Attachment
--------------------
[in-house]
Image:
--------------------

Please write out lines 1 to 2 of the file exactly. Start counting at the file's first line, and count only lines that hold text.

[in-house]
Image: